Burdock, Seitan, Nettles, Oh My!

While traveling recently, we ended up sitting behind two women and a lovely little girl who were having lunch on the airplane.  They were eating McDonald's chicken McNuggets and french fries--the familiar, warm smell wafted throughout the entire plane. Even though we might not have wanted to admit it, the smell made us hungry. And so we pulled out our own lunch: a stir fry of burdock root, homemade seitan, hand-picked wild chanterelles, ramps, foraged wild nettles, chives, and ginger all over quinoa and seasonal asparagus.

(take a minute for a giggle)

The contrast could not have been more stark.

And so as we began to eat our stir fry, enjoying the unusual ingredients and bold flavors, we reflected on how much our diet has come to differ from the Standard American Diet, and how this makes us a little sheepish, even as it pleases us culinarily, environmentally, and ethically. Because we don't want to be the food snobs with the weird food, we don't want our diet to differ so radically from all the food around us. But that's because we want all the food around us to move in the direction of our eating, to embody thoughtful reflection, easy access, and high quality.  The goal is not to marginalize those who do enjoy their Chicken McNuggets, but to find space for habits that welcome nettles and burdock and seitan (when the geography and seasons are right, of course).  So, as we enjoy this recipe and think about the origins of its ingredients, may we also think about how to move towards a world in which the contrast between the lunches on these two rows of an airplane aren't quite so stark.

Burdock & Mixed Greens Stir-Fry
(recipe adapted from Harmony Valley Farm)

This dish can be made with any variety of greens, but if using nettles, please follow the handling directions below. Also, the particular ingredients we used were dictated by the contents of our farmshare, or CSA, box, so, if you have other root vegetables, aromatics, or greens on hand, please use those in place of the burdock, ramps/chives, or nettles, respectively.  (Of this recipe, the chives, ramps, burdock, nettles, and red chilies were all from our local farmshare).

½-1 Tbsp vegetable oil
3 seitan cutlets, ground (can substitute crumbled tofu or any ground meat)
3 Tbsp fresh ginger, minced
one handful of chives, sliced thin
3-4 ramp bulbs, sliced thin (can substitute onions)
1.5 cups mushrooms, sliced (I used rehydrated chanterelles)
1 cup burdock, sliced thin (wash and peel, if desired)
¼ cup white wine
2 Tbsp rice vinegar
2 Tbsp soy sauce
3 dried red chiles (or 1 tsp red pepper flakes)
4-6 ounces (2-3 cups uncooked) nettles (or other greens: spinach, sauté mix, arugula, kale)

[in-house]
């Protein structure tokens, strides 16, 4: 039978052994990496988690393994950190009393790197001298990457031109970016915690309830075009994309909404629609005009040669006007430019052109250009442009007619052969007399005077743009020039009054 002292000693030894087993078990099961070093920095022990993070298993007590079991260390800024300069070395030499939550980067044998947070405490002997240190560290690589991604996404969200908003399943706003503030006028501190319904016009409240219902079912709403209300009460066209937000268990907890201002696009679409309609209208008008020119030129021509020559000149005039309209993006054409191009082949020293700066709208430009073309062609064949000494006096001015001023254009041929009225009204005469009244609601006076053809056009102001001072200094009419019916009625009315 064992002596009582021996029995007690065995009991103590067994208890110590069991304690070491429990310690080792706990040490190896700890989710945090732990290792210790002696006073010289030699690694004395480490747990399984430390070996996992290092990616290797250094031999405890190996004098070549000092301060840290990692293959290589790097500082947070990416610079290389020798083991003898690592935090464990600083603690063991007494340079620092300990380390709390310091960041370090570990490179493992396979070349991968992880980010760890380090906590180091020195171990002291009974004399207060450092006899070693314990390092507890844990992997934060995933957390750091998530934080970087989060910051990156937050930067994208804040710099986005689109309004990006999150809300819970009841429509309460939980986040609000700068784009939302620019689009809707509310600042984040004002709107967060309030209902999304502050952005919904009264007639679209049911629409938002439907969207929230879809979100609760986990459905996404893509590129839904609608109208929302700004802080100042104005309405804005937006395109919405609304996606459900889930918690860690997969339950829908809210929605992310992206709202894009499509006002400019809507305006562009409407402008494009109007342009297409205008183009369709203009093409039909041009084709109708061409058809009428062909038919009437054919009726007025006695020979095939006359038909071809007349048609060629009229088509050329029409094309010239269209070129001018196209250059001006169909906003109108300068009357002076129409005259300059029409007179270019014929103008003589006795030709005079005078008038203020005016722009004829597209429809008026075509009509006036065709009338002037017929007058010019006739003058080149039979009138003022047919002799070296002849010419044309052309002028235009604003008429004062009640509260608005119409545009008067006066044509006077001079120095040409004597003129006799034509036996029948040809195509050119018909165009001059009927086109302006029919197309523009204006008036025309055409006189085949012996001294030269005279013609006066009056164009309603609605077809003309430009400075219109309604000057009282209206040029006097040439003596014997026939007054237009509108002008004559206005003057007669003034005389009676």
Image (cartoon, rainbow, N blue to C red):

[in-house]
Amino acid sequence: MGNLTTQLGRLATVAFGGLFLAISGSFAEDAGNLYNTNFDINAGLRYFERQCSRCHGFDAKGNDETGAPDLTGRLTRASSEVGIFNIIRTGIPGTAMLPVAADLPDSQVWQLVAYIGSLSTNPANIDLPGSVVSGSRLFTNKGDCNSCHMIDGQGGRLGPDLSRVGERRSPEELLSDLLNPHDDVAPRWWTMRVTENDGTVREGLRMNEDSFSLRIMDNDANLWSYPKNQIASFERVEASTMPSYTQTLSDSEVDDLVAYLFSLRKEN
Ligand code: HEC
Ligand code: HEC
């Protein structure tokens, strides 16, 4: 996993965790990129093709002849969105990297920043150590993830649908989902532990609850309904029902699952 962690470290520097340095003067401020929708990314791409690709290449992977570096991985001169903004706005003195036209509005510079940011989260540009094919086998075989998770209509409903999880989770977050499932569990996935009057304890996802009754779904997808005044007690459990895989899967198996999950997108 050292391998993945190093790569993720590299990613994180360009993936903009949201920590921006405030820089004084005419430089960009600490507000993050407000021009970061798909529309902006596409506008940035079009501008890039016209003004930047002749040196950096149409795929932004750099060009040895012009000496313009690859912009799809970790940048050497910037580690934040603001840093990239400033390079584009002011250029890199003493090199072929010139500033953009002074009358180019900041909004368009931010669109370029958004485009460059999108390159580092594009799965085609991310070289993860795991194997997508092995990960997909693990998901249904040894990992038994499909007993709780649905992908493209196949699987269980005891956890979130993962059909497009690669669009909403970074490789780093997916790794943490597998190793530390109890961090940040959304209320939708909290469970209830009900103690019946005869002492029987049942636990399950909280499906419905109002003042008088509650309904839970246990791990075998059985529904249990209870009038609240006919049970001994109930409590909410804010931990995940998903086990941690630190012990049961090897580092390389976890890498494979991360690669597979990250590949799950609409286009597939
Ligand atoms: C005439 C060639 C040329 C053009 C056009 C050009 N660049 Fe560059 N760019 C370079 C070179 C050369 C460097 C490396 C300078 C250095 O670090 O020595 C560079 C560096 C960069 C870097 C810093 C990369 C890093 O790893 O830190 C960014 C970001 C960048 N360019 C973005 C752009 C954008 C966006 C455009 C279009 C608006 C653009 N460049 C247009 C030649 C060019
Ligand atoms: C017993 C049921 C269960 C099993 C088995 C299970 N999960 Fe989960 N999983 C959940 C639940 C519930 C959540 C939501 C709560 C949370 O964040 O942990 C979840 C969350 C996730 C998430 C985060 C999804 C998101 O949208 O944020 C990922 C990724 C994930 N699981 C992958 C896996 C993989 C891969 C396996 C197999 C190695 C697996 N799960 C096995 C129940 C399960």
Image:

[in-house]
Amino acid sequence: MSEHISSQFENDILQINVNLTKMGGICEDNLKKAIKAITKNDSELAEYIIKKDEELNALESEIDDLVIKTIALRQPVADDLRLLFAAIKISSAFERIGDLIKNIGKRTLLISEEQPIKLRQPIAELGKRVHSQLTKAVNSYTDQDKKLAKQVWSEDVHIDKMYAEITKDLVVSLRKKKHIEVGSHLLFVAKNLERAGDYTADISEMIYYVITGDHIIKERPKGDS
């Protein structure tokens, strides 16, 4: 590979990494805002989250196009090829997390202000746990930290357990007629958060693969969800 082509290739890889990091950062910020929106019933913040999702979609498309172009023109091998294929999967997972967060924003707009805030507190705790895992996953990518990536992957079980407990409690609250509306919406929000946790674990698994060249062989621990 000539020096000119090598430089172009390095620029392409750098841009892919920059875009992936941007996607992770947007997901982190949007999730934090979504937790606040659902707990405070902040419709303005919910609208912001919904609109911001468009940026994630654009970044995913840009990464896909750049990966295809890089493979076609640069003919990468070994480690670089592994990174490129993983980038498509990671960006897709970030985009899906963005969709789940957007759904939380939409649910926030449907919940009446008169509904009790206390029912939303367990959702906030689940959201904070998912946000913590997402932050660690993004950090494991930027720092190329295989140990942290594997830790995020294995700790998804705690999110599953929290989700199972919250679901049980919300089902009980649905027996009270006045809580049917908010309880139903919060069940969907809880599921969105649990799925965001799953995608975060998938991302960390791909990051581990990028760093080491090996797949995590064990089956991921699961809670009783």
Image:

Salt, to taste

  • Prepare the seitan.  I used seitan cutlets I'd made long ago and frozen in their broth. I thawed them and then pulsed them a few times in the food processor to create a ground consistency (seen on right in the photo below, next to chives being chopped).

  • Prepare the nettles. Nettles, or "stinging nettles," are usually thought of as weeds and grow in rich soils along disturbed habitats. True to their name, before they are cooked, they are covered with tiny hairs that produce an intense, stinging pain, followed by redness and skin irritation. But when cooked, the leaves are delicious. So, it's important to use work gloves when handling nettles. You can collect wild nettles all over the place, but we got ours in our CSA box. Wearing gloves, strip the leaves and then rinse them in a colander.  Place the leaves in a steamer and steam at full boil for 10 minutes or until tender. (I ended up boiling mine for an extra 5 minutes, just to be safe).

    • Begin the sauteing. In a large saute pan, saute the ground seitan with a little bit of oil and some salt to brown it a little. After a few minutes, add ginger, chives, and ramps. Stir fry for 1-2 minutes until ingredients are starting to soften and are aromatic.
    • Add mushrooms and cook for another 2 minutes. If using dried chanterelles that your Papa picked for you out of the woods near his home in Georgia, boil the dried mushrooms separately for about 10 minutes to rehydrate them, before chopping them up and adding them to your stir fry.
    • Add burdock and continue to stir-fry for 1 minute. Burdock root is the main root of young burdock plants, which also grow wild all over. The roots have a crisp and mild flavor, and are eaten as a root vegetable in many parts of Asia. The root is high in fiber, calcium, and potassium. If you don't have it on hand, carrots, parsnips, sunchokes or other root vegetables can be substituted.
    •  To your main saute pan, add wine, vinegar, soy sauce, and chopped red chili. Stir to combine, then add cooked nettles (if using other greens, just add them raw and let them wilt for a few minutes). Reduce the heat to low, cover the pan and allow vegetables to cook together for a few minutes.
    • Remove the cover and adjust seasoning with salt and pepper
    • Serve on its own or with a side of quinoa or rice. Serves 4